4 Ways Edith Ho Will Make You Fall In Love With French Contemporary Art
November 22, 2018 | BY Tania Jayatilaka
In pursuit of a dream that began one summer in the remote Danish countryside, Gallery des Artistes owner Edith Ho lives her passion for art with an infectious energy. Together with her husband Edwin Ho (the nephew of Macau casino mogul Stanley Ho), Edith welcomed us into her exquisite new art gallery in the affluent township of Tropicana Golf and Country Resort, a haven for lovers of French contemporary and pop art.
Once upon a Villa
Throw out any notions of bland, bare-walled art galleries and obscure artworks when you step in to the Villa Shalimar in Tropicana Golf and Country Resort.
This expansive space with floor-to-ceiling windows and verdant green lawns is home to Gallery des Artistes, a French art gallery showcasing various works by France’s most popular and up-and-coming contemporary artists.
With its cosy-looking kitchen, dining room and well-appointed living areas, it strikes me as the ideal venue for dinner parties, book readings, product launches and such. As it happens, that’s just the effect that the gallery owner, Edith Ho, wants to achieve.
“What’s interesting about this place is that it gives guests an idea of how art could look in a home, how they can live with art every day,” says the France-born mother of three. “To me, the space displaying artwork is almost equally as important as the works themselves.
“As a gallerist, my vision was never to have a small space,” she adds. “I wanted a huge space, a contemporary space, where people could go in and out, sit down, have a good time, interact with the pieces and be at ease without the stress of going into a gallery with a price list in your hand and always feeling like you have to buy something.”
In the south of France, where Edith grew up, art was a fixture in everyday life, displayed everywhere from public spaces like roundabouts to gardens in private homes.
“As a child, I went on a summer trip with my mother to visit her gallerist friend in Denmark,” says Edith.
“She lived in this remote village in the middle of nowhere, a cornfield in Denmark, but she had the most successful gallery in the country.
"There I saw paintings hanging from trees in the garden and in the gallery, I’d see her welcoming visitors who had driven for hours from Germany or elsewhere just to come see her gallery and have a great time chatting in the garden over cups of coffee, and I loved it.”
As Edith takes us around the house pointing out paintings, sculptures and other mixed media creations from her private collection, she reveals small details that give the artwork a new dimension: the efforts she made to convince an artist to display his work in the gallery, or the story of how she came across a particular sculpture.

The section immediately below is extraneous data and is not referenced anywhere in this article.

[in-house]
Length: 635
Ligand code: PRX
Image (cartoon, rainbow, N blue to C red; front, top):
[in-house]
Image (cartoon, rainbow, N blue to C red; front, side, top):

One can’t help but liken a tour of the gallery more to a visit with a friend who’s excited to share the fruits of a 20-year-long love affair with French pop art; minus the paintings hanging from trees.
“Traditionally French artists have always been at the avant-garde of the art scene; you see a lot of new trends emerging in France,” says Edith.
In conjunction with Art Expo 2018 in October, French artist Jeremi Ca made a special appearance at Gallery des Artistes to conduct an Art Talk and a live painting demonstration.
His widely acclaimed ‘Rainbow City’ series is a masterful show of his free-hand technique involving repetitive, interconnected lines that form a tweed fabric pattern which appears to change its shape depending on the angle from which it is viewed.
“Whether you like art or not, it is an emotional experience that has an impact. The space in which it is displayed plays an important role too, because how you see it and where you see it affects your reaction,” Edith explains, drawing my attention to a large wall sculpture by pop sculptor and painter Isa K depicting a pair of Converse shoes via a complicated technique combining resin, aluminium and paint.
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An ageless appeal
I ask Edith if she’s ever tried her hand at painting.
“I’m hopeless - I can’t even draw! But my mother was a painter and I liked watching her paint.”
She then shares a recent experience of hers showing the gallery to a French family with 2 small children aged 3 and 4 years old.
“At first I wondered how they were going to be able to control their children! But after the exhibition, the kids asked their mum for a piece of paper and a pencil because they wanted to start drawing!” Edith says.
“It was such a strong moment for me – that art can really touch children as well. When you live with art, whether in your home or in public, it should bring you happiness, you should always be able to take a minute or two during the day to look at it and talk about it, or even let it talk to you.”
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